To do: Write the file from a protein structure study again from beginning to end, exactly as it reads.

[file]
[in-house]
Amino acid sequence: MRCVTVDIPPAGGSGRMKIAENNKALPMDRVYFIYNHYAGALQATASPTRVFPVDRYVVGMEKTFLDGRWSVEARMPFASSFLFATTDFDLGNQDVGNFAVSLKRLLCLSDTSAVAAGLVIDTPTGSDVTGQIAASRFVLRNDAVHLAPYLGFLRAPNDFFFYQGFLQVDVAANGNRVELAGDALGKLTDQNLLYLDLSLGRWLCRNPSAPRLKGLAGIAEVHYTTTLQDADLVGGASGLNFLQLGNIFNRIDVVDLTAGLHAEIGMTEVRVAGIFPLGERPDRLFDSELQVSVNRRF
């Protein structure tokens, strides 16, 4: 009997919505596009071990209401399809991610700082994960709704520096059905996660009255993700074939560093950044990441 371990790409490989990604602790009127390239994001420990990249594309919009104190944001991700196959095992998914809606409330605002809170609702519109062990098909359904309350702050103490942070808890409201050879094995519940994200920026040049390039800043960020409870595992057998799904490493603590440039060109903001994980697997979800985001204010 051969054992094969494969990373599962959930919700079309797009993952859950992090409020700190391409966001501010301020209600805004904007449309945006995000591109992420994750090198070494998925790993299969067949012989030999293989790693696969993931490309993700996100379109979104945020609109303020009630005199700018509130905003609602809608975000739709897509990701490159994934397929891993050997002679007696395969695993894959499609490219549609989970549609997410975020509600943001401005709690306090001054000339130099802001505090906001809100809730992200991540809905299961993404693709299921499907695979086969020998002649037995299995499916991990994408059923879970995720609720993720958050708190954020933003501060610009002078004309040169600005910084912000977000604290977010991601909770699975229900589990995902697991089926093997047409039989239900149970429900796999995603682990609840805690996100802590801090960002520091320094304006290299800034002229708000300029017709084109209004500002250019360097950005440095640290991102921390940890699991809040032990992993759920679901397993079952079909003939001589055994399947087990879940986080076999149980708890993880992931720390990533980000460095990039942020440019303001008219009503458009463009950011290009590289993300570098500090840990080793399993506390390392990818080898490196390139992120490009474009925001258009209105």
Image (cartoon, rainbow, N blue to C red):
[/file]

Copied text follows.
[in-house]
Amino acid sequence: MRCVTVDIPPAGGSGRMKIAENNKALPMDRVYFIYNHYAGALQATASPTRVFPVDRYVVGMEKTFLDGRWSVEARMPFASSFLFATTDFDLGNQDVGNFAVSLKRLLCLSDTSAVAAGLVIDTPTGSDVTGQIAASRFVLRNDAVHLAPYLGFLRAPNDFFFYQGFLQVDVAANGNRVELAGDALGKLTDQNLLYLDLSLGRWLCRNPSAPRLKGLAGIAEVHYTTTLQDADLVGGASGLNFLQLGNIFNRIDVVDLTAGLHAEIGMTEVRVAGIFPLGERPDRLFDSELQVSVNRRF
């Protein structure tokens, strides 16, 4: 009997919505596009071990209401399809991610700082994960709704520096059905996660009255993700074939560093950044990441 371990790409490989990604602790009127390239994001420990990249594309919009104190944001991700196959095992998914809606409330605002809170609702519109062990098909359904309350702050103490942070808890409201050879094995519940994200920026040049390039800043960020409870595992057998799904490493603590440039060109903001994980697997979800985001204010 051969054992094969494969990373599962959930919700079309797009993952859950992090409020700190391409966001501010301020209600805004904007449309945006995000591109992420994750090198070494998925790993299969067949012989030999293989790693696969993931490309993700996100379109979104945020609109303020009630005199700018509130905003609602809608975000739709897509990701490159994934397929891993050997002679007696395969695993894959499609490219549609989970549609997410975020509600943001401005709690306090001054000339130099802001505090906001809100809730992200991540809905299961993404693709299921499907695979086969020998002649037995299995499916991990994408059923879970995720609720993720958050708190954020933003501060610009002078004309040169600005910084912000977000604290977010991601909770699975229900589990995902697991089926093997047409039989239900149970429900796999995603682990609840805690996100802590801090960002520091320094304006290299800034002229708000300029017709084109209004500002250019360097950005440095640290991102921390940890699991809040032990992993759920679901397993079952079909003939001589055994399947087990879940986080076999149980708890993880992931720390990533980000460095990039942020440019303001008219009503458009463009950011290009590289993300570098500090840990080793399993506390390392990818080898490196390139992120490009474009925001258009209105």
Image (cartoon, rainbow, N blue to C red):